Are Black People Cursed? An Analysis of the Use of “Ham’s Curse” as a Justification for African Slavery

Are black people cursed? The question was raised this Sunday as our church concluded its first part of a three part series on racial reconciliation. What about “The Curse of Ham?” What about the white Southerners that used the story in Genesis 9 as a justification for slavery? I was asked to do some digging that we might appropriately respond to this question. Here are my results and conclusions:

The “Curse of Ham” comes a story from Genesis 9, where Noah, after surviving the flood, gets drunk and lays naked in his tent (quote shocking, I must agree, for the righteous man who just watched God unleash his wrath upon the world and save his family). One of Noah’s three sons, Ham, sees his father naked and tells his two brothers, Shem and Japheth . Since Ham’s actions are considered sinful enough to receive a curse, we must assume that he shared this information that was in some way dishonoring to his father. Contrary to Ham, Shem and Japheth honorably drape a garment over their father without looking at him. When Noah wakes up, he places a curse on Ham’s son, Canaan: “Cursed be Canaan; a servant of servants shall he be to his brothers” (Gen. 9:24-25) for his dishonorable act. He goes on: “Blessed be the Lord, the God of Shem; and let Canaan be his servant. May God enlarge Japheth…and let Canaan be his servant” (Gen. 9:26-27).

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Six Key Benefits of the Necessary Evangelism Component in Discipleship

Yes. I am afraid. Every time I begin to share about Jesus with someone, millions of thoughts run through my head about how I may offend or be received wrongly. Have you ever felt the same?

This is the log jam in the discipleship process and to fulfilling the Great Commission: evangelism. Sharing our faith. Why? Often times it is because we haven’t seen it modeled, or haven’t been taught “how.” Even in our rigorous attempts at discipleship have not fixed the problem, because discipleship has come to be regarded as a practice without the necessary component of evangelism training or practice. However, treating evangelism as a necessary part of discipleship helps to grow mature disciples, and is absolutely necessary. I read a great article recently highlighting 6 reasons why. Here they are: Continue reading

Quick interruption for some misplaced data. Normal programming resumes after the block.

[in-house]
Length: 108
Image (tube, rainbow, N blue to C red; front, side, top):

Coming to the Blood of Jesus -Spurgeon

and to Jesus, the mediator of a new covenant, and to the sprinkled blood that speaks a better word than the blood of Abel.”    – Hebrews 12:24

Reader, have you come to the blood of sprinkling? The question is not whether you have come to a knowledge of doctrine, or an observance of ceremonies, or to a certain form of experience, but have you come to the blood of Jesus?
The blood of Jesus is the life of all vital godliness. If you have truly come to Jesus, we know how you came–the Holy Spirit sweetly brought you there. You came to the blood of sprinkling with no merits of your own. Guilty, lost, and helpless, you came to take that blood, and that blood alone, as your everlasting hope. You came to the cross of Christ, with a trembling and an aching heart; and oh! what a precious sound it was to you to hear the voice of the blood of Jesus! Continue reading

“Stonewall” Jackson & Rock-Solid Prayer

If we took a glance throughout our history books, scanning over the names of the heroes and major figures,  we would be surprised to find out how many of them possessed a vibrant relationship with God through faith in Christ. Thomas “Stonewall” Jackson, a Civil War general, is one of these men. Military historians consider him to be one of the most gifted tactical commanders in U.S. history, but his gifted mind was engaged in far more than military strategics.

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Discovering The True Jesus (pt.10)-Liar, Lunatic, or Savior